DHL: Ireland’s production facility to turn waste into biomethane

In a bid to reach net-zero emissions by 2050, logistics firm DHL is investing €80m to create a biomethane production facility in Cork, Ireland, that will reduce emissions from transport, create new jobs and offer new income streams for agri-businesses.

DHL: Ireland’s production facility to turn waste into biomethane

At a glance
Who: DHL
What: Biomethane production facility
Where: Cork, Oreland
Why: To create a low-carbon fuel for trucks
When: Work started September 2023

The Challenge

If organisations are to meet their net-zero ambitions, many will turn to the supply chain to combat carbon-intensive hotspots such as transport and logistics, which have historically proven costly – especially for Heavy Goods Vehicles (HGVs)

The Solution

DHL Supply Chain has revealed an €80m investment plan for a specialised biomethane production facility set to be established in Cork, in a bid to offer decarbonisation options for trucks in Ireland.

How the Project Works

DHL has committed to a 10-year deal with Stream BioEnergy on the establishment of a biomethane production facility – enabling the creation of 130 jobs. DHL has also joined forces with retailer, Tesco Ireland, which will utilise the station to fuel some of its fleet.

The biomethane production site will be managed by Stream BioEnergy and will process 90,000 tonnes of industry and consumer food waste annually, diverting it from landfills. DHL has plans to extend its decarbonisation efforts to other sectors, including consumer, technology, aviation, life sciences, and healthcare.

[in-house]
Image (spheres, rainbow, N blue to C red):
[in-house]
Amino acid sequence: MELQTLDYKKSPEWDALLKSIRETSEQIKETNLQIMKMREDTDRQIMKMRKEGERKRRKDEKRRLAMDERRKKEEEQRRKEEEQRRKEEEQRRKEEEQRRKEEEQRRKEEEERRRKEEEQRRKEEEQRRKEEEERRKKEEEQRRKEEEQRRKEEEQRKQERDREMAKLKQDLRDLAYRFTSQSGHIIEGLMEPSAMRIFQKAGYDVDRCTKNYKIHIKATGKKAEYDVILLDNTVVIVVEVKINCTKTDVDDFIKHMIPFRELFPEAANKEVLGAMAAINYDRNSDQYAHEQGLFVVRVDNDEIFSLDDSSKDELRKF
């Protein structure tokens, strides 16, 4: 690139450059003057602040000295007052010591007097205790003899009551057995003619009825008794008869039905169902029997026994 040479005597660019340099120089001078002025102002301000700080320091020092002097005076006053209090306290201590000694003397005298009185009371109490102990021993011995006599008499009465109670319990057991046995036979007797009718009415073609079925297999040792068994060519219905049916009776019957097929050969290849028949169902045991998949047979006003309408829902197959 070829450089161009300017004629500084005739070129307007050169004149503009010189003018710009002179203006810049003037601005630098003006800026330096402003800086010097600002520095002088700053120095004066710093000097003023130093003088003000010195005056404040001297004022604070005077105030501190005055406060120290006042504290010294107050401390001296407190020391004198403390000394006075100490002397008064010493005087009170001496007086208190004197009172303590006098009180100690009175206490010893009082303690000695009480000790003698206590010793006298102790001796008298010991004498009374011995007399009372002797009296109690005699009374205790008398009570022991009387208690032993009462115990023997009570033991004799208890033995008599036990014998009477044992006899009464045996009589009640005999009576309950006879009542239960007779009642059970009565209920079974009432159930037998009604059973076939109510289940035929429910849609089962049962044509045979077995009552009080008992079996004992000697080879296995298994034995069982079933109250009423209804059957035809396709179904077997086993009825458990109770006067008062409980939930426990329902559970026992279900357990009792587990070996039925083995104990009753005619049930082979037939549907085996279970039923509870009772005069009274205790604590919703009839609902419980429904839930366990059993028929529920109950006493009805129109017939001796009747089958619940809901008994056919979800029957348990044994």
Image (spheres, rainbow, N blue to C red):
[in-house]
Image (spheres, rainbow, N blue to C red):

Biomethane, a renewable gas which can drastically reduce carbon emissions by offering an alternative fuelling option, will serve as the primary fuel source for 150 trucks at the new facility.

To support the initial vehicle rollout and during the production ramp-up, DHL will subsidise biomethane from other sources.

Once the new facility is fully operational, DHL will operate 92 locally fuelled biomethane trucks throughout Tesco’s nationwide network.

Biomethane deployment at scale requires no upgrades to Ireland’s existing gas grid, making it a flexible and cost-effective means of decarbonising commercial road transport, according to the company.


DHL expects the site to result in an annual reduction of 15,000 tonnes in carbon emissions, equivalent to more than 38 million miles driven by an average passenger vehicle running on petrol.

Business Benefits  

The production site aligns with DHL’s global GoGreen agenda. The deployment of biomethane trucks, as well as investment in domestic biomethane energy production, will play a part in helping the company achieve its target of net-zero emissions by 2050.

Under the net-zero target, DHL has committed to setting targets for 2030 in line with the Paris Agreement through the Science-Based Targets initiative (SBTi). These targets will be supported by a  €7bn investment plan focused on increasing the use of sustainable aviation fuels, designing all new buildings carbon neutral, offering a comprehensive portfolio of green products and electrifying 60% of its last-mile deliveries. DHL estimates that it will have more than 80,000 e-vehicles on the road.

Industry Context

Biomethane is compatible with Ireland’s natural gas networks making it an ideal retrofit solution for many vehicles as it can seamlessly replace natural gas across heating, industry and transport.

Research from Gas Networks Ireland’s Biomethane Energy Report found that the biomethane industry could replace more than 25% of the nation’s natural gas network. In turn, this would create new income streams for agriculture businesses by creating value for their by-products. The report found that the switch to biomethane could reduce Ireland’s total emissions by almost four million tonnes per year – accountable to more than 6% of the nation’s total emissions.

In the UK, HGVs account for more than 4% of the total carbon footprint, but aren’t often suitable for other transport decarbonisation methods such as electrification due to their size.

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